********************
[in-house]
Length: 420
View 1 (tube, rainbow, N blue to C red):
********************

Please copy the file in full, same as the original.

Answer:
[in-house]
Length: 420
View 1 (tube, rainbow, N blue to C red):